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Planning for our choirs in reaction to the BLM movement

I grew up singing in choirs and I consider my choir experience an intrinsic part of my formation into the human that I am today. What first attracted me to be part of a choir was the social aspect, but what I got was so much more. I am sure many of you can relate.

As I reflect on my own choir experience growing up and how I interacted with the music then, I realized there were so many missed opportunities to learn more in-depth about the music we were singing.  Lack of time to go beyond the score was always and still is, our biggest challenge. 
But, music takes a whole different meaning after a traumatic event like the one we are experiencing.

As a result of the current civil rights movement, many of us have started to talk about how we are going to approach planning and teaching for our programs from now on. We are all developing an acute awareness of the music we present to our students and a deep desire to allow more equitable opportunities to sing underrepresented composers and styles.

I am approaching my summer planning differently this year. I’m going to consult my colleagues, visit primary sources to research the background of the pieces, and reflect on my own personal experiences and practices.

As an Afro-Latina that grew up in the Dominican Republic, almost all of the music we sang was traditional Wester and Latin-American choral repertoire. I know we sang some spirituals because I remember struggling with the English pronunciation and loving the energy that singing this music brought to the group but I don’t remember any piece in particular. That tells you how superficial we were in our study of the music and how little attention we paid about learning the background of the piece. There was that issue of not having enough time again.

Since I can only speak from my Afro-Latina reality, I would like to share some pieces that speak of the Afro-Latinx experience and some resources that I am using to select music to represent the African-American community.

One of the choral pieces that brings me a warm memory is the lullaby “Duerme Negrito.” This lullaby was documented by the Argentinian Atahualpa Yupanqui during his travels through Latin-America. This particular lullaby is believed to have its origins in the border between Venezuela and Colombia. The story is told from the perspective of a caregiver while the mom is working in the fields. In this context, “Negrito” is used as a term of endearment and the caregiver, probably an older sibling, is telling the baby that if he goes to sleep mom is going to bring yummy things; but is also teaching the baby how the white man, the master, is to be feared. I encourage you to look Emilio Sole arrangement for SSAA also available in SSATB.

I also remember singing the well-known piece “Nigra Sum” by the Catalán Pablo Casals. After moving to the Caribbean during the Spanish civil war, Casals continued to create music that represented his environment. “Nigra Sum” is written in Latin and inspired by biblical text.

I am black but comely, 
o ye daughters of Jerusalem. 
Therefore the King chose me 
and brought me into his chambers 
and said to me
“rise up and come, my friend.
For lo, the winter is past;
the rain is over and gone.
The flowers appear on the earth;
the time of renewal is come.”

This text explores looking at the person’s black skin color as part of their identity with acceptance and their worthiness in the eyes of God.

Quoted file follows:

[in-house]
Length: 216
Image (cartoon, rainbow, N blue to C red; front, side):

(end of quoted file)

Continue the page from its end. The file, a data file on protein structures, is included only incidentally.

Another piece that touches the African identity in the Latino community is the traditional Mexican mariachi song “El Son de la Negra.” Once more, the term “negra” here is used as a term of endearment. I will always remember my parents calling each other lovingly “negra” and “negro.” Granted my parents were a mixed-race couple, but that is a story for another time.

“El Son de la Negra” is so popular in the Mexican culture that it is often considered to be the “second national anthem.” The only arrangement that I can find, published in the US, is by José Hernandez for Hal Leonard for the mariachi band with a vocal part. But I LOVE this choral version that I found on youtube. I would love to buy their score.

To teach African-American music these are the resources that I plan on using along with a different approach when teaching it. I asked my colleagues what they were thinking about doing when we go back to school and some of the ideas were to dedicate an entire concert to the music of African-American composers. Preferably not during February. Another idea is, having the students do research about the pieces and write the program notes.

The places that I visit when looking for music selections are The Spiritual Project and recently Dr. Marques L. A. Garrett created this very comprehensive list of non-idiomatic choral music of African American composers.

I encourage my students to go to primary sources for their research so they will be starting here African American Song. I teach K-5, thus this is an excellent site for them. 

For inspiration, I’ve been listening to We Are Americans, Praise the Lord, I Ain't Got Nobody by words by Roger Graham and music by Spencer Williams, The Seven Last Words of the Unarmed by Joel Thompson, Nigra Sum Sed Formosa 
by Jonathan Woody and this spoken word Me Gritaron Negra by the Afro-Peruvian choreographer, composer, and activist Victoria Santa Cruz.


  1. Thank you for sharing these perspectives. Sharing our stories is so important.

  2. Thanks for reading. Stories are crucial to amplify our cultures indeed.

  3. Thank you for this insightful post. Here's a resource you might find useful. Ten Black Sacred Songs Every American Should Know. Download free here:

    1. Thank you. I appreciate you for sharing this resource.



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